Using BPL technology, standard compliant and IP-based data transfer rates of 5-30 Mbit/s can easily be achieved via the medium voltage cable itself. Within E.ON’s smart grid project, PPC's medium voltage technology facilitated the extension of Cisco's Connected Grid Solution. The Cisco smart grid Router and Switches used in the project are highly compatible with BPL networks, providing a real cost advantage over fiber optic networks – which can be much more expensive where cables are not pre-existing.

By combining their technology at Westfalen Weser, PPC and Cisco have ensured the evolution of fast and efficient smart grids which are controlled on an IP basis. This increases the reliability of the power grid, fulfills regulations and drives down costs. At the same time this modern smart grids communications technology makes it possible to effectively integrate renewable energy into the grid. more

MIT Infrastructure "Life Cycle" Study is Progress Both Left & Right Can Embrace - Part 2, Fiscal Responsibility

Saturday 19 February 2011 at 09:02 am By Brenda Krueger Huffman

Chicago – Perhaps moving to the center is where we all need to be politically on the environment and effective spending compatibility. Not all green technology is crazy, and not all business profit or government expenditure is evil.

Even if you do not believe in man caused climate change, we can all agree leaving a cleaner planet and a more fiscally responsible government for the next generation is preferable to not doing so.

Perhaps green technology can be cost effective, and government fiscal responsibility may realistically include affordable green initiatives. Honest “life cycle analysis” and “life cycle cost analysis” study considerations should be a political compromise starting point both the left and the right can embrace. more

Global warming: Impact of receding snow and ice surprises scientists

Thursday 27 January 2011 at 11:05 am Global warming: Impact of receding snow and ice surprises scientists

By Pete Spotts

Washington - A long-term retreat in snow and ice cover in the Northern Hemisphere is weakening the ability of these seasonal cloaks of white to reflect sunlight back into space and cool global climate, according to a study published this week.

Indeed, over the past 30 years, the cooling effect from this so-called cryosphere – essentially areas covered by snow and ice at least part of the year – appears to have weakened at more than twice the pace projected by global climate models, the research team conducting the work estimates.

The study, which appeared online Sunday in the journal Nature Geoscience, represents a first cut at trying to calculate from direct measurements the impact of climate change on the Northern Hemisphere's cryosphere. The study was conducted by a team of federal and university scientists who examined data gathered between 1979 and 2008. more

EPA presents plan on greenhouse gases

Wednesday 05 January 2011 at 10:38 pm By Mark Clayton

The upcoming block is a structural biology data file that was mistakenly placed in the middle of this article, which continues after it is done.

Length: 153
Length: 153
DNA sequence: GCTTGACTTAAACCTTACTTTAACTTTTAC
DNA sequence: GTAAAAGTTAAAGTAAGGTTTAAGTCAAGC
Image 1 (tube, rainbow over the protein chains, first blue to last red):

Washington - Setting the stage for a New Year battle royal between Congress and the White House over greenhouse gas emissions, the US Environmental Protection Agency Thursday laid out a timetable for the nation's largest carbon emitters – power plants and refineries – to begin curbing those pollutants.

Republicans have said all year that they plan to pull out all the stops to keep the EPA from phasing in greenhouse gas (GHG) regulations beginning in 2011, saying they would damage the energy industry, raise prices, and cost jobs.

Rep. Fred Upton (R) of Michigan, the incoming chairman of the House Energy and Commerce Committee, has said he opposes the regulations on greenhouse gases and indicated he would lead efforts to revoke EPA regulations in the next Congress. The new regulations, he says, will likely lead to the shut down of coal-fired power plants.

"To protect jobs and fortify our energy security, we should be working to bring more power online, not shutting plants down," Mr. Upton said in a statement. "We are woefully unprepared to meet our nation's growing energy demands, yet this administration's 'none of the above' energy policy will do nothing but cost jobs, make energy more expensive, and increase our dependence on foreign sources of energy."

Environmentalists lauded the EPA's move. more

Supreme Court takes global warming case that targets power companies

Monday 13 December 2010 at 03:21 am By Warren Richey,

Washington - The US Supreme Court on Monday agreed to examine a major environmental lawsuit that seeks to force six electric power companies to cap and reduce their carbon-dioxide emissions to fight global warming.

The lawsuit - filed in 2004 by eight states, the City of New York, and three land trusts - targets what it claims are the largest emitters of carbon dioxide in the United States and among the largest in the world.

It seeks a judicial order declaring that the fossil-fueled power plants are a "public nuisance." It also seeks a judicial order capping the plants' greenhouse gas emissions and requiring the plants to adopt a schedule of reduced emissions in future years. more